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I´d like to obtain an argument to prove that the real plane with two holes, for example $\mathbb{R} \setminus \{p,q\}$ is not homotopy equivalent to the circumference $S^1$.

I know they have different number of holes, but I´d like an argument (without using homology, but homotopy or fundamental group is valid!).

Thanks and regards!

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I got it! (I think). This is an argument:

$\mathbb{R} \setminus \{p,q\}$ is homotopy equivalent to the eight space (indeed, it is a deformation retract). So they have same fundamental group, that is $\mathbb{Z} * \mathbb{Z}$, the free group with two generators.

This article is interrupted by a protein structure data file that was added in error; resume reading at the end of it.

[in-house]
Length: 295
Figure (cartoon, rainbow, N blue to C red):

Since the $\pi(S^1) = \mathbb{Z}$, they can´t be homotopy equivalent.

Now, just a question for the comments. You know $\mathbb{Z} = <x : \emptyset >$, but how you write $\mathbb{Z} * \mathbb{Z}$?

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    $\begingroup$ $\mathbb{Z}\ast\mathbb{Z} = \langle x,y: \emptyset\rangle,$ or, just $\mathbb{Z}\ast\mathbb{Z} = \langle x,y\rangle.$ (Also, note the use of \langle and \rangle to make $\langle$ and $\rangle$, which is prettier than using $<$ and $>$.) $\endgroup$ – Jason DeVito Mar 27 at 21:05

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